Memorandum of Conversation, by the Political Adviser (Dunn)

The Counselor of the British Embassy6 came in this morning by appointment, and said that as the Ambassador was in New York, he had come to convey instructions which had been received from the Foreign Office.

Mr. Mallet said that the British Government had learned that the Government of Mexico had been giving consideration to the possibility of a transfer of certain German ships, now taking refuge in Mexican ports, to the Mexican flag, and that President Cardenas had had a conversation on the subject with Mr. Daniels. The British Government further learned that on September 24, in the Star and Herald of Panama City, an article had appeared which described plans for a cooperative arrangement under which claims against Germany held by nationals of the American republics were to be pooled in an organization for the holding of these claims and other debts owed to such nations by the German Government or German nationals, and that as a means of obtaining payment of these claims and debts, the German ships now in the ports of the American states, not including the United States, were to be taken over and operated in the Inter-American trade exclusively under the flags of the different South American republics.

Mr. Mallet then stated that on September 17, the British Government had instructed their representatives in all neutral countries, with the exception of the United States, to point out to the Governments to which they were accredited that the British Government would be within their rights in capturing any ship, the flag of which had been transferred from Germany to another country after the outbreak of war. This instruction was not sent to Lord Lothian7 because of the [Page 62] confidence felt by the British Government that the American Government would not lend itself to the carrying out of any such transfers of flag.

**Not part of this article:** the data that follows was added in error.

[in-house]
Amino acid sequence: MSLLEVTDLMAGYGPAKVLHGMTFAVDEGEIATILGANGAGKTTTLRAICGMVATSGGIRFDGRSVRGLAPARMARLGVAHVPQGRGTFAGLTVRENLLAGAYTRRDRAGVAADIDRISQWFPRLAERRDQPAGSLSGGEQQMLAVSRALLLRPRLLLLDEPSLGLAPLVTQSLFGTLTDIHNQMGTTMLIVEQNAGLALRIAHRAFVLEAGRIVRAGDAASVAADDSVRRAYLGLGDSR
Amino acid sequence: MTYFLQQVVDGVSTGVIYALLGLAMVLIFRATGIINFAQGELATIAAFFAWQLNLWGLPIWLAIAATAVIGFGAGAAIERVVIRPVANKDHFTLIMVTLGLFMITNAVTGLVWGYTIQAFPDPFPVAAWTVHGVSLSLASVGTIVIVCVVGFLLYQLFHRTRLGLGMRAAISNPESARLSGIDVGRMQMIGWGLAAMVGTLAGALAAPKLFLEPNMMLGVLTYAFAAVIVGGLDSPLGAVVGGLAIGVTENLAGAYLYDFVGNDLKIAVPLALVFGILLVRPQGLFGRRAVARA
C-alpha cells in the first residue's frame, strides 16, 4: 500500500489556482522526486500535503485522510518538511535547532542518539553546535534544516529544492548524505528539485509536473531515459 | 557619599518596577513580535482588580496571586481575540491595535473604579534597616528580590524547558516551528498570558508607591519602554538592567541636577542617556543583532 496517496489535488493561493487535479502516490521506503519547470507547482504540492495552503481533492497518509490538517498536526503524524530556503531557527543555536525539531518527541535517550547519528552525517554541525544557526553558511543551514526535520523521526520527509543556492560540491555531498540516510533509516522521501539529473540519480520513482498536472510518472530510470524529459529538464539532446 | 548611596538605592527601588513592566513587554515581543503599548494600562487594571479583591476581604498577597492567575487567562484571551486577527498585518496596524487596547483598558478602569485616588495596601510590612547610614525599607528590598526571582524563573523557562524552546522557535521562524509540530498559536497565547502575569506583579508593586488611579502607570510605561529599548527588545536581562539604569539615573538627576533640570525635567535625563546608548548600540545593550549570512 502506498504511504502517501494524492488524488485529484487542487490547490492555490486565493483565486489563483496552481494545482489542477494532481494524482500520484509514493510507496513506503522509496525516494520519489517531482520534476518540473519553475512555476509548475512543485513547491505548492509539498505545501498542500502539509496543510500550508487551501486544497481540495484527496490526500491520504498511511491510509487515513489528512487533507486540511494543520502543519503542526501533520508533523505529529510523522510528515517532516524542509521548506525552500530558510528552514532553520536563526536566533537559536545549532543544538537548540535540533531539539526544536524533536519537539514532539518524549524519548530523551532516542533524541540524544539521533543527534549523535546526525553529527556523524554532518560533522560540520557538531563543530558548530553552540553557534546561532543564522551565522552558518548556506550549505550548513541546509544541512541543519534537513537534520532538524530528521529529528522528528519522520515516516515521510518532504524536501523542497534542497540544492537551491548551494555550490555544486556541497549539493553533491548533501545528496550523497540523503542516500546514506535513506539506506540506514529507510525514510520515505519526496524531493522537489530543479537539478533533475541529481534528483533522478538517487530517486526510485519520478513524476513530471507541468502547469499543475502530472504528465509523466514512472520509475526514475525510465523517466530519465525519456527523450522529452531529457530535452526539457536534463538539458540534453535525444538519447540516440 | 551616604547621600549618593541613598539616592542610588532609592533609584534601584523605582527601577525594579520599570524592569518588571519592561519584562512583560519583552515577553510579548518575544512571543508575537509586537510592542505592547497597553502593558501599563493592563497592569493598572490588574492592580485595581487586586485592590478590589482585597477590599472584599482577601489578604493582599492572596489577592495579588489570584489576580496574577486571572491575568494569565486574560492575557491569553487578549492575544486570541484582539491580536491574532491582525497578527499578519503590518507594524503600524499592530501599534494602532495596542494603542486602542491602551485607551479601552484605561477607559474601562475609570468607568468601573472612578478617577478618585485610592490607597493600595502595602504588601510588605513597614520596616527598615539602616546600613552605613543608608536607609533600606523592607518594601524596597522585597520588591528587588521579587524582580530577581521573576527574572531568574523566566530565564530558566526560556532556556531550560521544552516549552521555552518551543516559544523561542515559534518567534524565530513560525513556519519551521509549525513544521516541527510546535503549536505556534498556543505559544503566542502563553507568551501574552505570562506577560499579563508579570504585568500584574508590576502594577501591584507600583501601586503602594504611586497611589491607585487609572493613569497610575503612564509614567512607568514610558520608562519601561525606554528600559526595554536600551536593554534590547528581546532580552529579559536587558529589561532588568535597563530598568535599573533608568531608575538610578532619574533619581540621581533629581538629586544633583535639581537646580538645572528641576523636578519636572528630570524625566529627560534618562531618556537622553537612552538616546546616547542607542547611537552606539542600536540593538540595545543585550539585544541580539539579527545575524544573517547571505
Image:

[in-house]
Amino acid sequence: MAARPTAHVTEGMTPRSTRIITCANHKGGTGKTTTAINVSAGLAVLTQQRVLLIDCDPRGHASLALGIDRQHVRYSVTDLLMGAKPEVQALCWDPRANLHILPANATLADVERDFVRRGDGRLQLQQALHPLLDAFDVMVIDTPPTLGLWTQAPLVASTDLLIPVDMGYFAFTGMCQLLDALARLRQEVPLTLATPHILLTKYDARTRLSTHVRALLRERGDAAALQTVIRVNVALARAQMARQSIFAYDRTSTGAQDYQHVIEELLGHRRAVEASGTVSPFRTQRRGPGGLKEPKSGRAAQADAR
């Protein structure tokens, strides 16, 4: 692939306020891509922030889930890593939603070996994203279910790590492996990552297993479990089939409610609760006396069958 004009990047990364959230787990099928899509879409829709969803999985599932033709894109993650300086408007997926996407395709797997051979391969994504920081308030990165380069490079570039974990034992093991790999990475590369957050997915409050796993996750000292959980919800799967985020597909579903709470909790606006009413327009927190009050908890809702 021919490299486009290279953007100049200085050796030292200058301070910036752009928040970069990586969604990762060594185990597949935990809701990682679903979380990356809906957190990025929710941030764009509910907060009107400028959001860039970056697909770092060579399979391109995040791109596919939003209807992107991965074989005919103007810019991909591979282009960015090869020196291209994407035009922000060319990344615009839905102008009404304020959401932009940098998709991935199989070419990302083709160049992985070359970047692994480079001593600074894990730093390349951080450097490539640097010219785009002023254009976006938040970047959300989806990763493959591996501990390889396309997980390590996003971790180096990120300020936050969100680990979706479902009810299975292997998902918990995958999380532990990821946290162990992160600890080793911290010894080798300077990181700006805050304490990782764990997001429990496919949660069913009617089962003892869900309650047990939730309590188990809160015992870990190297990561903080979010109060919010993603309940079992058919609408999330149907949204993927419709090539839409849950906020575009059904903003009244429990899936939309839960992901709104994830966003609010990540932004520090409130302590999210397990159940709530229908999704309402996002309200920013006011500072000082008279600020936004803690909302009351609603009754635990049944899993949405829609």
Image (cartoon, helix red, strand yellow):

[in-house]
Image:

The Counselor then went on to say that as a result of the information the British Government had received as to the above suggested plans, to which was added the information that the Government of Argentina was very much interested in a similar arrangement, the British Government felt that some move might be undertaken at Panama during the present conference to provide for the transfer of the flags of the German ships now taking refuge in South American ports. The Ambassador, Mr. Mallet said, had been instructed to explain confidentially to this Government the attitude of the British Government toward their right to capture ships transferred from the German flag after the outbreak of war, and to say that this question was vital to the British Government in the prosecution of the war and that they could not entertain any exceptions from the established principles, as any exception would leave the door open to mass transfers of all German ships now sheltering in neutral ports. The British Government thought it best, before any action towards such transfers of flag were taken, to explain its attitude to this Government and to point out that such transfers would leave the way open for the realization of vast sums of foreign exchange by the German Government, as well as the continued operation of their ships in sea-borne commerce with the many attendant advantages resulting to Germany thereby. The British Government had decided that they would find it necessary to proceed to the capture of such ships wherever they were found to be transferred to a foreign flag.

In view of the foregoing, the Ambassador was asked to request this Government to use a restraining influence at Panama if the question of the transfer of flag of these German ships were to become active.

James Clement Dunn
  1. V. A. L. Mallet
  2. British Ambassador in the United States.